P#36944 2017-01-30 21:38 ( Edited 2017-01-31 02:38)
:: helado

@dddaaannn: thanks for the overview, but my question was how it was come up with in the first place, the work that went into either designing the algorithm or implementing it from an already known algorithm.

P#36947 2017-01-30 22:03 ( Edited 2017-01-31 03:03)

I can't help you there. It seems like a straightforward algorithm given the requirements of supporting both negative and fractional exponents with a fixed point number representation.

One nice technique used here is to take advantage of the binary representation to keep the code fast and simple. Hacker's Delight is a classic text with fun bit bashing algorithms in it, though I don't see this specific algorithm in my copy.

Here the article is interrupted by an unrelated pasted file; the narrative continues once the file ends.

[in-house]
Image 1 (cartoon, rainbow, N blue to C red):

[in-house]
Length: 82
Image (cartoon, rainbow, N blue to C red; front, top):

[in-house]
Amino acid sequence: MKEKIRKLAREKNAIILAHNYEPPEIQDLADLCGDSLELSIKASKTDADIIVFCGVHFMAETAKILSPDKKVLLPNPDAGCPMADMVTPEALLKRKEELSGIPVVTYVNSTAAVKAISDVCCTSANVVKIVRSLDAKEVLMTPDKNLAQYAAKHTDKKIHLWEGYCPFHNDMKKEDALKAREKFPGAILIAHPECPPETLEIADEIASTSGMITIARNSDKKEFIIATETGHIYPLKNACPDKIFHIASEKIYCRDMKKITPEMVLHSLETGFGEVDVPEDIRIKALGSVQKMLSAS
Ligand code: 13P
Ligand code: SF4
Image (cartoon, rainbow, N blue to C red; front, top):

P#36949 2017-01-30 22:34 ( Edited 2017-01-31 03:34)
:: helado

@dddaaannn: thanks for reminding me of hacker's delight. i checked my copy and while i also didn't find an explicit power function, i found logarithm. unfortunately, it's integer logarithm, which… i'm not so sure is helpful XD in any case my attempts failed so far, but i might fiddle with it some more later to see what i can derive.

P#36954 2017-01-31 02:13 ( Edited 2017-01-31 07:13)

@helado: dddaaannn gives a great breakdown of the algorithm. If you're looking for the derivation, I think it's a straightforward bit of algebra and can be understood in terms of the exponential identities, given that:

x^(y+z) = x^y * x^z

which means that you can separate the fractional component of the exponent from the whole number and compute both powers separately.

e.g. to compute x^4.3, let y=4 and z=0.3 so that
x^4.3 = x^4 * x^0.3

Obviously computing x^y where y is a whole number is trivial—we could do it with a simple "x^y" statement in Pico-8—but what you see here is an efficient implementation that groups together squares, and therefore beats the performance of a naive loop that executes "xxxx..." by doing it in ~log2(y) steps instead of y.